The UK imports over £11 billion worth of fruit and vegetables per year, equating to 500,000 tonnes of fruit, with only 100,000 tonnes of that which is home grown.  Growers are planning to increase production over the next decade and hope to see half of the tomatoes eaten in Britain to be grown locally by 2030. Energy efficient technology can play a prominent role in making this happen and reduce the reliance on imports long term.

Light Science Technologies’ rapid growth continues with key sales appointment

Light Science Technologies Light Science Technologies

Jack Vickery has joined Light Science Technologies (LST) as National Account Manager as growth shows no signs of slowing for the AgTech specialist.

The new addition to its sales team is the latest of a string of appointments at the Derbyshire-based company which specialises in lighting and sensor technology for indoor farming, covering vertical farming, greenhouses and polytunnels. In recent months it has welcomed fresh talent to all aspects of the business in response to rapid growth and rising demand for more sustainable food production.

Jack’s first foray into the industry was as a commercial graduate at Philips Lighting, before working for the company in a commercial role for 10 years when it became Signify. Here, he worked across several sectors including the healthcare sector and also office and industry, where he worked with global automotive clients including Honda and Jaguar Land Rover, before working on major street lighting contracts and tenders.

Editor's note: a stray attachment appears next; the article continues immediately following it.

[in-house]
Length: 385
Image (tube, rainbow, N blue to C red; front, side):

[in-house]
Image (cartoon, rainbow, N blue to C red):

In his new role, Jack will use his commercial acumen to grow the business’s fast-expanding customer base of indoor growers and nurseries across the UK.

On his new position, Jack commented: “It’s just exciting to be involved at the start of something at ground level which has huge growth potential. This opportunity also resonates with me on a more personal level, as we’re faced with an exploding global population we’re going to have to feed with ever-diminishing space and a disrupted supply chain. To do that in a more sustainable way requires a complete change in our approach to eating and growing fresh food. Ethically, it’s all our responsibility to do this, and it’s this clarity that will help me drive the business forward.”

Simon Deacon, Founder and CEO of LST, said: “Jack’s appointment could not have come at a better time during what is a pivotal period of growth for the company, we are extremely excited by the opportunities afforded to us.

“Jack will help support the business’ strategic objectives in continuing to build on our contracts and sales pipeline, and expand into new markets in lighting, sensors and automated crop production and management systems. He will without doubt bring an immense amount to the team in experience and skillset to help us achieve this.”